Bulletin Awards

The Law Society recognises outstanding contributions to its flagship publication, The Bulletin, by presenting awards at the Annual Dinner.

The winners are chosen by the Bulletin Committee.

The articles are thought-provoking, informative and of great benefit to the South Australian legal community. The awards are also a chance to acknowledge and thank all Members who submit high quality articles on a voluntary basis. 

Winners of the Bulletin Awards:

Bulletin Article of the Year 
Winners:  Madi McCarthy and Professor Tania Leiman

Madi McCarthy and Professor Tania Leiman’s article examines the development of technology that facilitates new forms of intimate connection, surveys the moral and ethical landscape surrounding the technology, and looks how the law is starting to grapple with this issue and how it might deal with it as it becomes more integrated into modern life.

Bulletin Article of the Year - Special Interest Category 
Winner: Amy Nikolovski 

Amy Nikolovski’s deeply personal article recounts the heartbreak of having a miscarriage, and is sure to inspire more people to talk about their own experiences of grief, which will in turn help them to find the support they need to help them through times of immense loss and suffering.

Bulletin Article of the Year 
Winner:  Dr Phillip Ritson

Dr Philip Ritson won this Award, from a field of exceptional articles, for his article “Supreme Court decision highlights pitfalls of raising money for charitable purposes”, that was published in the August 2020 edition of the Bulletin. 

Bulletin Article of the Year - Special Interest Category 
Winner:  The Honourable Justice Sam Doyle

The Honourable Justice Doyle’s considered article, “The path to gender equality requires removing cultural & structural barriers in the profession”, published in the March 2021 edition of the Bulletin, reflects the heightened awareness and commitment in the profession to addressing gender equity, which is an important issue for the judiciary. 

Kris Handshin SC


Kris Handshin’s article Advocacy in the Appellate Context: Fulfilling the functions of written submissions, published in the May 2020 edition of the Bulletin, beat a very strong shortlist of articles to be named 2019-20 Bulletin article of the year. Mr Handshin’s article demonstrated a deep understanding of court advocacy and was written in an engaging, accessible and logical manner, providing clear, practical guidance that will no doubt be of great benefit to practitioners who are involved in court work.


It is no surprise that, given the depth of understanding that was exhibited in the article, that Mr Handshin was, like fellow award winner Kerry Clark, among the most recent group of barristers to be appointed Senior Counsel.


Peter Norman


Peter Norman, who has recently retired as a Master of the District Court, was a clear winner of the Bulletin Article of the Year – Special Interest category, with his winning article “Reflections on the Charles Manson case”, published in the August 2019 Bulletin, offering a fascinating insight into the infamous case that precipitated the end of the so-called “summer of love” era of the 1960s. Mr Norman participated in a legal exchange program in 1975, which included working with the prosecution team on the Charles Manson and Sirhan Sirhan (Robert Kennedy assassination) appeals.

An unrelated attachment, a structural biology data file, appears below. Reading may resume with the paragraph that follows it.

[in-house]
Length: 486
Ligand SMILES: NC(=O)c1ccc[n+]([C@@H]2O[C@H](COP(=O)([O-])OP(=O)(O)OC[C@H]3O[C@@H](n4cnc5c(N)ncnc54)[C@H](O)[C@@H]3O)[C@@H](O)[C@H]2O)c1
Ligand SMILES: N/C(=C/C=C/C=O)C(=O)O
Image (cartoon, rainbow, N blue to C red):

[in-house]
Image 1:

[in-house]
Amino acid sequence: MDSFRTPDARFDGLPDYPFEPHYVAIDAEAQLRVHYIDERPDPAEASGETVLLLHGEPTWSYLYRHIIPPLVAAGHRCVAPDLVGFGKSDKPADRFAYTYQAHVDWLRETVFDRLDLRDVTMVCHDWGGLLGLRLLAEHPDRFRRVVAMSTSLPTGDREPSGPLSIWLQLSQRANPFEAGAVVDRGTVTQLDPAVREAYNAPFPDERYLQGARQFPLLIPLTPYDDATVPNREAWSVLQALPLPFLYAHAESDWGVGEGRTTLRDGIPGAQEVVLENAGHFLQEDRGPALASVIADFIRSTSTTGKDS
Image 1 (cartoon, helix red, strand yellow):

Mr Norman’s account of the Manson murders and the lengthy prosecution of Charles Manson is gripping, thoroughly researched, and clearly draws on meticulous notes that Mr Norman took of his experience some 45 years ago.

Article of the Year Winner: AI in Criminal Sentencing: a risk to our human rights?, By Raffaele Piccolo
Special interest article of the year winner:  Can women really have it all? A perspective from a barrister & mother, By Penelope Kari         

Article of the Year: Trial advocacy tips for Young Lawyers, by James Caldicott
Special Interest Article of the Year: Poems for the Citizenship Seven, by Stephen McDonald
Article of the Year: Duty to follow proper instructions, by Jonathan Wells QC 
Opinion of the Year: How royal commissions have shaped SA: a history; and History of royal commissions in SA (List), by Lawrence Ben
Article of the Year: Busting the Myths on Halal Certification, by Rebecca Halkett
Opinion of the Year: There should be More Women in the Courtroom, by The Honourable Justice Melissa Perry
Article of the Year: Is Australia's Constitution Racist?, by Martin Hinton QC
Opinion of the Year: The Legacy of the Magna Carta, by Professor David Clark
Article of the Year: Gene Genie: Patent Law, Ethics Health and the Future, by Claire O’Connor
Opinion of the Year: What Function should a Children's Commissioner have? by Linda Appelbee
Article of the Year: Privacy and the Law: Another case for a Bill of Rights, by Claire O’Connor
Opinion of the Year: Blood Runs Thick, by John Goldberg
Article of the Year: Lawyer first, employee second? In-house counsel’s ethical tightrope, by Martin Meredith and Sascha Hindmarsh
Opinion of the Year: Is the criminalisation of behaviour the answer?, by Guy Biddle
Article of the Year: Legal Professional Privilege: An in-house perspective, by Martin Meredith and Sascha Hindmarsh
Opinion of the Year: Lifting the Veil, by Simona Kljun
Article of the Year: Fundamental basis of our system of justice under threat, by Malcolm Blue QC
Opinion of the Year: Facebook: With friends like these who needs enemies?, by David Barnfield
Article of the Year: Lawyers and Depression, by Leonie Paulson
Opinion of the Year: A letter from Paris, by Dr John Emerson
Article of the Year: The State of Prisons in South Australia: A Systematic Failure, by Nick Niarchos
Opinion of the Year: Placements, by Rachel Spencer
Article of the Year: Murder: The principle of proportionality and ‘mandatory’ sentencing, by Nick Niarchos
Opinion of the year: Single Experts: Guns for Hire, by Penelope Kari